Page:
A meeting at midnight.

Author’s notes:

This is the second page of a multi-page story. To begin at the start, click here.

This is a vampire story with moderate levels of horror, gore and violence. There is also some steamy content (though nothing explicit). If this is not your cup of tea, please don’t read any further.

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The shadows crowded in on them, the last dead leaves on the looming trees rustling in the light night-time breeze. Sir John and his constable sat astride their restless horses at the cross-roads between the forest and the crumbling village of Osford, abandoned five years ago after the plague carried off almost every man, woman and child. The huts there had looked even more run-down than the last time he had passed through. The first winter storms had done their worst: several more of the turfed roofs had caved in, the last of the wattle hurdles around the weed-choked vegetable gardens were strewn flat and the old yew by the church had finally toppled, smashing the slate roof of the nave.

It was two weeks before Christmas. Sir John should have been looking forward to the great Yuletide feast that would see all his tenants packed into the castle hall to feast, laugh, sing, and finally slide dead drunk under the rows of trestle tables. Instead here he was, waiting for midnight and a rendezvous with his dead, vampiric wife.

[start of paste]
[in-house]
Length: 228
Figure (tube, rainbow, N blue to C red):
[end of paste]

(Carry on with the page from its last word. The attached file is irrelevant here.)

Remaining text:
He would have laughed at her choice of meeting place, so laden with clichéd portents of doom, had the shiver up his back not made him fear that his voice would break and reveal his fear to his companion. And it was his own fault anyway. It had been he who suggested they meet far from the castle and at night so that he could bring her back home as if they had just ridden all day from the nunnery where she had supposedly been incarcerated. He had offered her no help in making the rendezvous, yet she had agreed as if her escaping the castle and travelling miles across country to this place, on foot and in the dark, presented no problems whatsoever.

Suddenly he became aware that the wood had turned quiet. The scuttling of rodents, badgers and foxes, the swish of night birds in flight, all had stopped.

Continued on page two (click here)

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